The silent drama of the photograph, Golf Five Zero watchtower, Crossmaglen, provides a repertoire of visual gestures that recur in many of the images in the collection. This particular photograph is of an urban landscape - a street with a scattering of cars - but one where only the vestigial traces of human activity and life are present. "Some images do contain individuals," remarks Olley, "but I found during the editing process that including them robbed the alien presence these structures exude and therefore, in my view, to include passers-by made less powerful imagery." Paradoxically, this absence allows the buildings to articulate in a non-verbal way the unspoken truths that human testimonies struggle to describe. Where human beings have a tendency to rationalise and excuse, especially in conflict situations, these buildings speak directly without obfuscation. It is the viewer alone who is left to dialogue with the photograph in an uneasy face to face.

This malign structure, like something escaped from the imagination of H G Wells, has shouldered its way between family homes and chemist. The watchtower is a construction of unforgiving, jagged edges that mirrors the sectarian divide it watches over. There is no attempt to have this building sympathise with the surroundings or disguise the fact that it exists as an instrument of surveillance. The real purpose of such buildings is symbolic. They exist as a symbols of control. To work, symbols need to be seen and speak in a direct manner. The fact that this building is protected with a cage of mesh and CCTV shows that it is a fully operational symbol, hated and feared in equal measures by the local community.

Juxtaposing the domestic and the military creates stark tensions, but it also reveals the resilience of the quotidian. Olley describes these domestic buildings as "being 'politically invisible,' part of the non-violent resistance..." The daily rhythms of life defiantly continue through their presence. They will not be altered by the occupation of a squatter force. The chemist will remain open. Prescriptions will be handed over and medicines collected. Gardens with manicured lawns and plaster ornaments will continue to be cared for. Though communities are forced to live under the shadow of uncertainty and brutality, the front doorstep and backyard remain pockets of domestic resistance. They will not surrender.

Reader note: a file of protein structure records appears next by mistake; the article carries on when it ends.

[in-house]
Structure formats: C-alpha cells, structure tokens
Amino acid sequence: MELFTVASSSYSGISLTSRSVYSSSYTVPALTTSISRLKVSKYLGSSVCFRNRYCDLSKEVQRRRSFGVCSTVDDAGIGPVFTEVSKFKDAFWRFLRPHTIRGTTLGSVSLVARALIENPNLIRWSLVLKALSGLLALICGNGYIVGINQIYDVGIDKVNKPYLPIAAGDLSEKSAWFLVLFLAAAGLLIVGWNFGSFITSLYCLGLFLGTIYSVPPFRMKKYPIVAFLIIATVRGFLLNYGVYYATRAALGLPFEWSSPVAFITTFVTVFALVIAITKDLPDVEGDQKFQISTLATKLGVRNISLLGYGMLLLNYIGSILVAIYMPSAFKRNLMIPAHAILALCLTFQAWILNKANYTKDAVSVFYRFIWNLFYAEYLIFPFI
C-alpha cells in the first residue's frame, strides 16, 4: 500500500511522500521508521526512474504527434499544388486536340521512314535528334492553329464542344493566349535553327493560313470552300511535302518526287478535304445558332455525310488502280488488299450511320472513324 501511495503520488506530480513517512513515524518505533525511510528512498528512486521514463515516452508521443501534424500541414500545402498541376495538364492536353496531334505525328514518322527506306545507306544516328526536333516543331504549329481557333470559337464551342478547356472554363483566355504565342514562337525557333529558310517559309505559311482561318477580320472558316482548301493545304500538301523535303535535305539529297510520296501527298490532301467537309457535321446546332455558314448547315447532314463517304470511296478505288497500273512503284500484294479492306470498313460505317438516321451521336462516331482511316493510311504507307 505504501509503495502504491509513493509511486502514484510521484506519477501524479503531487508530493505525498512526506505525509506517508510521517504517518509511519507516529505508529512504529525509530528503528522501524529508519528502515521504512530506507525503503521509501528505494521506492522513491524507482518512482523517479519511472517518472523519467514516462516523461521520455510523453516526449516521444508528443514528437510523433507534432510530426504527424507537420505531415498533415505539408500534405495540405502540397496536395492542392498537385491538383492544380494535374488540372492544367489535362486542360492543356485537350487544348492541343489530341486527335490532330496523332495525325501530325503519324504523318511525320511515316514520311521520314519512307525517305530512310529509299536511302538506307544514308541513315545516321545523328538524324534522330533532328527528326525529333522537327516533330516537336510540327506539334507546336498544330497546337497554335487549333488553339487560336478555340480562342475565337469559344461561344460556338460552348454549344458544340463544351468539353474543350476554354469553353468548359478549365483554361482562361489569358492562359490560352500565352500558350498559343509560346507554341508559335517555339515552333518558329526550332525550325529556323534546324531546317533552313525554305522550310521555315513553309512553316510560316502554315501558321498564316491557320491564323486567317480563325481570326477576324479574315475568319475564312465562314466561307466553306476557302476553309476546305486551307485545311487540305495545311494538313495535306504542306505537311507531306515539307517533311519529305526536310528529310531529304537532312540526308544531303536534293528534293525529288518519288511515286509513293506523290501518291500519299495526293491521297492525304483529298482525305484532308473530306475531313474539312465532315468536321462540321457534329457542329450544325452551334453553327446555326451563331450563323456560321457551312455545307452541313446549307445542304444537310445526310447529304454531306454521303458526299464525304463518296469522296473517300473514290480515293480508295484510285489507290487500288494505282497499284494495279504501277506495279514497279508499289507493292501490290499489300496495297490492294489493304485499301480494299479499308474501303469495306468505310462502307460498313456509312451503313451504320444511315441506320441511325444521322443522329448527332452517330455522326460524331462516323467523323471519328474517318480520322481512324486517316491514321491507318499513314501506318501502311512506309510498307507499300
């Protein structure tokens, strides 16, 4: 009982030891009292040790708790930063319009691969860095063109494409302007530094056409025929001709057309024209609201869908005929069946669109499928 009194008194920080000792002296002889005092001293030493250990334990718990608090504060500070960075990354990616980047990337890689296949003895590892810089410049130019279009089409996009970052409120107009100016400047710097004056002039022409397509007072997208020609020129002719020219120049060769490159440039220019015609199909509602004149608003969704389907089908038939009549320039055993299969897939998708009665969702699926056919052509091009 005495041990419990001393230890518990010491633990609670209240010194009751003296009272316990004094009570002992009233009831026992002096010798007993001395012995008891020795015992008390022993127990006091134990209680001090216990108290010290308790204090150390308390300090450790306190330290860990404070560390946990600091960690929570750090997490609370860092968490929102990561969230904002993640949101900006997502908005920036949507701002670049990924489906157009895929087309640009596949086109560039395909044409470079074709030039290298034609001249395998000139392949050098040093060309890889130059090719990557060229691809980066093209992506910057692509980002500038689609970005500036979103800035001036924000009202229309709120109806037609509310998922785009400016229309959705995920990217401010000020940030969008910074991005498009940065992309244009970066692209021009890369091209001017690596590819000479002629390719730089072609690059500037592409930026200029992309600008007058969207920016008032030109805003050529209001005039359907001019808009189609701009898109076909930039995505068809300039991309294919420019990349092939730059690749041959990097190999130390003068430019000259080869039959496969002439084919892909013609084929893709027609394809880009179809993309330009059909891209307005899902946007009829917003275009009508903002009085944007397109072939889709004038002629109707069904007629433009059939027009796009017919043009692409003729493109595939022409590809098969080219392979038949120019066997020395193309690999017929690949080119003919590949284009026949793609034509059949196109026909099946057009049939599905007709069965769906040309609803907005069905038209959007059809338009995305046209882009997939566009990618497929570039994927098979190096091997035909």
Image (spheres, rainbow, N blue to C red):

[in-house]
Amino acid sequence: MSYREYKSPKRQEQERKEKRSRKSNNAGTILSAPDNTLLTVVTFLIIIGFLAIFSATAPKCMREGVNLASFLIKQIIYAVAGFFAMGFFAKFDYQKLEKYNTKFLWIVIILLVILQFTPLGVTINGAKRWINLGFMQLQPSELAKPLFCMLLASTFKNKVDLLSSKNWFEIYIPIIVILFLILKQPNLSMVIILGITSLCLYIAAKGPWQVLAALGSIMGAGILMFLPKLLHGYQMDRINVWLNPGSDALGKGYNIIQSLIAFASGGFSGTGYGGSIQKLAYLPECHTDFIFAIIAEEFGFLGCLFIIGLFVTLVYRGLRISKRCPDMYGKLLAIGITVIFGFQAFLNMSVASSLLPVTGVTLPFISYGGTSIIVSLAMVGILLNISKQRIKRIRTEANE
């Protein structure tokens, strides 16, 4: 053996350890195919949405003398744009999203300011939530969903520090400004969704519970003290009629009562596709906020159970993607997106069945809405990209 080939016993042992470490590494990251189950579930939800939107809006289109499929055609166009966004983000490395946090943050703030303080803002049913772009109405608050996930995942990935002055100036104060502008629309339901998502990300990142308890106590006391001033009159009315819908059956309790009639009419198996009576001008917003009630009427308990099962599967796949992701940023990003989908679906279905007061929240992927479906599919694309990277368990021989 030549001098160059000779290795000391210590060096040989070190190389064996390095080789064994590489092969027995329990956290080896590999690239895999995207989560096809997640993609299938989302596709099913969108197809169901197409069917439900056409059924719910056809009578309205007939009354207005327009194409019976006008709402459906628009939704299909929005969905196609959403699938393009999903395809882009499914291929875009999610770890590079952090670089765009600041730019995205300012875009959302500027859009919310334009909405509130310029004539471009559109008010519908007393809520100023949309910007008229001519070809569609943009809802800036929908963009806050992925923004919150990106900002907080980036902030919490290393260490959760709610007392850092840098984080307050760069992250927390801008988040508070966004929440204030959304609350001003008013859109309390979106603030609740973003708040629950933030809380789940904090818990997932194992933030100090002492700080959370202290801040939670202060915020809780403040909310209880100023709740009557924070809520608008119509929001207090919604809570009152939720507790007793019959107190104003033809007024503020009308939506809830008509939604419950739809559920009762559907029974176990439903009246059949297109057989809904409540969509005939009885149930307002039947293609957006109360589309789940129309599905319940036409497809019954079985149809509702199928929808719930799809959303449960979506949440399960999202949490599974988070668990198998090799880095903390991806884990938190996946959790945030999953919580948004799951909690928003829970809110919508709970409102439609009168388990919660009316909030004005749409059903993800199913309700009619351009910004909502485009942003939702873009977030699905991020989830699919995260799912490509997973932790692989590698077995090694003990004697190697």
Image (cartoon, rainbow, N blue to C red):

Many of these photographs have a ghostly frame, soiled edges. This has occurred in the development process where the Type 55 Polaroid film stock has met a backing frame and not produced a clear, consistent image. The photographs are left with a smudged border. Jonathan Olley has chosen not to crop these photographs but to leave them with their lesions and liquid blemishes. "I think most of all I'm not attempting to hide the medium. Some would say it is not "professional practice"," Olley admits, "Though that sort of criticism tends to come from individuals who, in my humble opinion, "have bought the wrong ticket" and misunderstand the message behind the work. I suppose [this is] the difference between art and documentary."

These borders also point to the way that political realities bleed in unpredictable ways into the crevices of ordinary life. They cannot be easily framed or cropped. Depending on your viewpoint, they slip in and out of focus. At the very margins of vision and understanding, the present is brought into chafing proximity with the past, the political with the domestic, religion with the state. "Provided that the police and judiciary do not treat people from all sides of the sectarian, religious, class and racial divide with equality there will always be the opportunity for unrest," warns Olley. It is for this reason that the margins are an essential component of this artistic project.

In his photographs, Jonathan Olley attempts to order the historically contingent and endow it with a significance beyond itself. These photographs are more than documents of a time and place, but indicate wider concerns, historically and socially. The camera, Jonathan Olley suggests, can speak the truth.

Some of the Castles of Ulster photographs can be seen in the Tate Modern Exhibition, Exposed: Voyeurism, Surveillance and the Camera which will travel later this year to the San Francisco Museum of Modern Art and in 2011, the Walker Art Center, Minneapolis.
Castles of Ulster, Jonathan Olley, Factotum Books ( 2007

With thanks to Jonathan Olley for giving permission to use some of his photographs in this blog post.


  1. This blog post seams highly poignant, especially with the current news stories. The stark reality of Jonathans photography showing the brutal cold architecture of these structures, frozen along side domestic properties is chilling and an education to me, who's age and background meant that I too, although aware of some politics as a young person remained an innocent outsider.

    The towers stand like skeleton memorial tombs and a reminder of an unchangeable historic past. But to see before us the carefully manicured garden, makes one hopeful that the unity of Love and nurture can also be the same watch tower that helps to dismantle such solid and emotionally sad structures. I pray.

  2. These Images are facinating and I am so pleased martin has incorporated some of jonathan's work in this excellent weekly blog.I remember too well the political isues surrounding the country at that time , but was very naeve about the reality. The tranquility hidden behind such monuments do suggest a definate contrast between two completly different worlds at that time. Peace was always in the background!